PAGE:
Victus Nox BBCOR Bat vs Marucci Cat 9 BBCOR Bat

Marucci Cat 9 compared to Victus Nox BBCOR Bats

In late 2020 the Victus Nox BBCOR was released and it instantly became one of our best selling BBCOR bats. Now, a few weeks later, the Marucci Cat 9 BBCOR bat is here – naturally we decided to take the two bats and swing them side by side so we could offer you a Cat 9 versus Nox BBCOR comparison.

Marucci Cat 9 BBCOR vs Victus Nox BBCOR Knobs

Vibration and Sting Control

The Cat 9 BBCOR has Marucci’s harmonic dampening control system. It’s crazy cool – you can actually hear a harmonic humming sound for a few seconds after you hit the ball (sometimes). The Cat 9 has zero sting and vibration. You can not feel anything on bad swings when the ball makes contact near the end of the bat.

The Victus NOX does not have a fancy harmonic dampening knob, but the NOX is a two-piece bat, and the composite handle mixed with exclusive and innovative “2 Smooth” connection handle piece. The Victus NOX, like the Cat 9 gives you no vibration in the hands. 

Grip – The Marucci Cat 9 BBCOR does have a noticeably thicker and “squishier” grip. We think this also helps kill vibration. FYI, the Marucci grip is so good we do not recommend upgrading to a Lizard Skin.

Balance and End Load

Marucci Cat 9 vs Victus Nox

The Nox is noticeably heavier swinging than the Cat 9 BBCOR. While the Nox is a phenomenal bat, we suspect the Cat 9 will sell better in the BBCOR bat market due to the easy swingability. 

If you’re swinging a 32/39 or smaller my quick assessment is get the Cat 9. If you swing a 33/30 or larger you are likely strong enough to get the more end loaded Nox around and through the hitting zone.

Barrel Technology


Both of these bats do not use rings in the barrel (which DeMarini and Louisville Slugger have used on bats like The Goods). Rings are bad. It’s a lazy way to make a bat pass the BBCOR bat standard test. These rings inside the barrel kill performance and create dead spots in the barrel.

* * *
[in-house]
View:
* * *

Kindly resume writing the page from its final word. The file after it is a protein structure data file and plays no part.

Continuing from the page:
Both of these bats have variable wall technology in the barrel. This means a 3D lathe makes special cuts and grooves on the inside of the barrel in order to remove material where it’s not needed. Thinner walls mean better performance – and don’t think they are sacrificing durability either – the barrel is only thinned out where it does not affect durability, so you get the best of both worlds.

The Cat 9 does have one piece of technology in the metal barrel that the NOX does not have. The Cat 9 BBCOR has grooves cut out that go from top to bottom (of the barrel). Marucci says this adds to the performance and barrel flex of the Cat 9 on contact. Barrel flex is a good thing. Think of the bat barrel as a trampoline – more flex equals more pop off the barrel.

Marucci Cat 9 BBCOR and Victus Nox BBCOR end caps side by side

Which one should I buy?

After hitting both of these baseball bats for about an hour, we can for sure say that overall, these two bats are both outstanding performers. 

I would recommend the NOX BBCOR for stronger players who can benefit from the added mass near the barrel.

I recommend the Marucci Cat 9 BBCOR be used by everyone else.

I think anyone could be successful with the Cat 9, but the Victus Nox is not the best choice for, say, a line drive type hitter.